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Journal of Happiness Studies

, Volume 11, Issue 6, pp 779–793 | Cite as

Income, Motivation, and Satisfaction with Life: An Empirical Analysis

  • Maria del Mar Salinas-JiménezEmail author
  • Joaquín Artés
  • Javier Salinas-Jiménez
Research Paper

Abstract

This paper focuses on how different types of motivations can condition satisfaction with life, studying whether individual heterogeneity in motivations affects the relationship between income and life satisfaction and whether the relationship between motivation and satisfaction differs for people in different income-groups. Data used in this study comes from the World Values Survey and the focus is placed on the relationship between income, motivation and satisfaction with life. Once variables such as gender, age, religion, health or education are controlled for, we find that different motivations significantly affect individual wellbeing. Moreover, our results suggest that moving from extrinsic to intrinsic motivation leads individuals to enjoy greater satisfaction with life. This is so independent of the level of income, but the role of intrinsic motivation is particularly significant for people in the low-income class. Life satisfaction also increases, within extrinsic motivation, when moving from importance placed on a good income to focusing on security and, within intrinsic motivation, when moving from emphasis placed on social relatedness to an increased feeling of accomplishment. Overall, our results suggest that different goals and intended outcomes condition individual’s perceptions of wellbeing, with intrinsic motivations being crucial in attaining greater levels of satisfaction with life.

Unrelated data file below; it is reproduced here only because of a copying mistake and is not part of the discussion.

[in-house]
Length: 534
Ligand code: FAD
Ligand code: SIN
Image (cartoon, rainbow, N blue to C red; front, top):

Keywords

Life satisfaction Income Extrinsic motivation Intrinsic motivation 

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Copyright information

© Springer Science+Business Media B.V. 2010

Authors and Affiliations

  • Maria del Mar Salinas-Jiménez
    • 1
    Email author
  • Joaquín Artés
    • 2
  • Javier Salinas-Jiménez
    • 2
  1. 1.Departamento de EconomíaUniversidad de ExtremaduraBadajozSpain
  2. 2.Departamento de Economía Aplicada IV, Economía Política y Hacienda Pública, Facultad de DerechoUniversidad Complutense de MadridMadridSpain

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